Norbert Leitinger

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Primary Appointment

Professor, Pharmacology

Education

  • PhD, University of Vienna

Research Disciplines

Biochemistry, Biophysics, Cardiovascular Biology, Experimental Pathology, Immunology, Metabolism, Molecular Biology, Molecular Pharmacology, Translational Science

Research Interests

Role of lipid oxidation products in inflammation and vascular immunology in atherosclerosis and diabetes

Research Description

Research Interests: Role of lipid oxidation products in inflammation and vascular immunology in atherosclerosis and diabetes.
1. Resolution of acute and propagation of chronic inflammation.
2. Mechanisms of endothelial-monocyte interaction in chronic inflammation.
3. Intracellular signaling induced by oxidized lipids.
4. Pattern recognition in innate immunity (Toll like receptors).
5. Antiinflammatory activities of PPARs.
6. Regulation of heme oxygenase-1.
Techniques in Use: Quantitative RT-PCR, Promoter-reporter assays, Gel shift, siRNA, Transfection, HPLC and ESI-MS, TLC, Cell culture, Immunohistochemistry, Flow cytometry, SDS-PAGE, Western blotting, Mouse models of inflammation.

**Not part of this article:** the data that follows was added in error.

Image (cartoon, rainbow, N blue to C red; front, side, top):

Current Summary:
Inflammation is generally accompanied by tissue damage associated with oxidation of host macromolecules by inflammation-derived free radicals. Recent evidence suggests that phospholipid oxidation products (OxPL), which are generated by oxidation of cellular membranes, lipoproteins and during apoptosis, represent danger signals that modulate inflammation and the activation of the innate immune response. My laboratory has recently demonstrated that certain OxPL are potent negative feedback regulators of innate immune responses via blocking the interaction of endotoxin with its Toll-like receptor-4 (TLR-4). Ongoing projects aim to 1) identify mechanisms by which OxPL modulate a specific immune response and delineate pathways that determine the signal differentiation between OxPL (altered self) and pathogen-associated molecular patterns (PAMPs) such as LPS (non-self), 2) investigate how acute inflammation is resolved or driven into a chronic state by OxPL, and 3) examine how monocyte specificity is brought about in chronic inflammation. The long-term goals of this research are to understand how oxidative modification of lipids during tissue damage leads to an inadequate immune response during infection, causes disruption of the tightly controlled balance of immune tolerance, and ultimately provokes chronic inflammation.